1. I really don’t even know how to express in words the level of disgust I feel.

    I hope that this girl (and all of the other kids being experimented on) will eventually sue these doctors.

    Liked by 7 people

  2. One clarification that I feel needs to be made is that although the surgery is very similar to a double mastectomy (I have actually had a double mastectomy) the “chest reconstruction/top surgery” is not identical to a double mastectomy in that some breast tissue remains, as well as some nipple and areola tissue to reconstruct the grafted nipples – So, BREAST CANCER SCREENINGS ARE STIIL RECOMMENDED even when a person has had “chest reconstruction” but few transmen seem to be aware of this.

    I wonder how many have actually been informed that they have an ongoing risk for breast cancer.

    I drove a friend (who was an 30+ year old adult) to have the “chest reconstruction” done and I took care of my friend during the recovery process. The Doctor did not volunteer this information, but I asked directly and very deliberately if cancer screenings would continue to be necessary in the future. The Doctor said that yes, my friend would still need to have screenings for breast cancer. Interestingly, the paperwork listed the surgery as a double mastectomy (sometimes the surgery is coded as a breast reduction, which I feel is generally a more accurate description of the procedure.)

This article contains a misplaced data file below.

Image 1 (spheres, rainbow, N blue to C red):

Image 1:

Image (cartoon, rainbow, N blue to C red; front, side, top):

My concern is that most transmen will not continue to seek breast cancer screenings, either because they were not informed of the ongoing need to do so or because they are too uncomfortable to seek a breast exam (or because medical practitioners may not be providing this service if they are not aware of the ongoing risk if the surgery was coded as a “double mastectomy” yet left a significant amount of breast tissue.)

    I have regrets over supporting my friend in pursuing this surgery. It did not solve the problem of dyshporia for him. He was not happy with the surgery and expressed with much anguish that now he ” just looked like an eleven year old boy.” In addition, the surgery itself left him with limited range of motion when reaching over his head and he has some residual numbness (even after a year.) He was not happy with the nipple placement as well and feels that his chest does not look natural. I have not seen his chest since it healed and so, I cannot comment on the appearance but i do remember, ironically, that his Doctor was very pleased with the outcome.

    I have seem several “top surgeries” at Pride parades. I have noticed that most transmen have significant hypertrophic scarring and some have “dog ear” flaps of skin laterally near their armpits. The “chest reconstruction” does not look much different than my own double mastectomy – (with the exception that I have no nipples at all as I did no pursue reconstruction of any kind.)

    The surgery is no minor procedure. It is certainly less intrusive than a hysterectomy (which I have also had) but there are still issues to contend with. The scars can be painful. I know that speaking for myself, (and for a friend mine who has also had a double mastectomy as the result of cancer) that the scars can feel raw and cause ongoing discomfort and pain. It has been 4 years since I had the double mastectomy and the scar tissue is still very sensitive and I have heard that this is fairly common.